A new research, published by the National Home Education Research Institute, found that more and more Texans are deciding to educate their children at home. Before the COVID-19 pandemic, the percentage of families in Texas that home-schooled their kids was 4.5%, the research showed that the percentage grew up to 12% at the start of the 2020-2021 school year. That means that about 30,000 students across the state withdrew from a public or charter school and went homeschooling during the spring of 2021, an increase of 40% compared with the previous year.
The Texas Tribune interviewed Peggy Semingson, an associate professor at the University of Texas at Arlington who tracked homeschooling during the pandemic, about this phenomenon and he said that there is not a single explanation for this. For instance, Semingson pointed out that many families had a lot of fear that their kids could get COVID or could be victims of a school shooting. That fear made these families decide that home school was the safest option in the context of extreme violence and vulnerability.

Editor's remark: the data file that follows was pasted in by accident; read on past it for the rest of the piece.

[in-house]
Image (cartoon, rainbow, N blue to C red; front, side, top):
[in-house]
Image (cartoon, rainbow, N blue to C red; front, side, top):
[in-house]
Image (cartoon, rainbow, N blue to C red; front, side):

Another reason, explains Semigson, is that some families do not agree on the way race, gender, and sex issues are taught in schools. Education has been a very hotspot in what conservatives name the “culture war” in Texas, but since the start of the pandemic and as classes were broadcasted on family’s computers, some parents listened and saw things they didn’t like about these issues.